1887
Volume 119, Issue 1
  • ISSN 0019-0829
  • E-ISSN: 1783-1490
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Abstract

The study of learners' pragmatic and discourse knowledge, also known as "interlanguage pragmatics", is now an important preoccupation of second-language acquisition (SLA) research. Spurred by this growing interest in interlanguage pragmatics and with a view to contributing to this field of research I conducted a study of requests in English produced by English as a second language (ESL) university students in their daily interaction mainly with lecturers. I collected the data for this study by means of observation and by recording "golden episodes of requesting behaviour in students' spontaneous speech. For comparative purposes, I elicited additional data by means of a discourse-completion task (DCT). One finding is that the students' knowledge of contextual use of requesting strategies in English is inadequate because their requests are of (very) limited range and inappropriate in context. The in-appropriacy of the requests was confirmed by native speakers' judgments. One explanation of the inadequacy of the students' pragmatic knowledge is the lack of exposure to the whole gamut of requesting devices. Another may have a strategic dimension. Also important is the explanation of transfer from the first language/s (Ll/s) : learners may be simply carrying over into English structures translated from their L1. From a pedagogical point of view, it is suggested that discourse and pragmatic knowledge be systematically taught to avoid miscommunication and negative reactions from native and competent non-native speakers of English. The suggestion of teaching pragmatic knowledge seems to be supported by the finding about one subject who, after exposure to a variety of requesting expressions, seemed to modify the pattern of her requests.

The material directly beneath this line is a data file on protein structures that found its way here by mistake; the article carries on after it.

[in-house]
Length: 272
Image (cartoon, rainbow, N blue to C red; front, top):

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1998-01-01
2019-10-19
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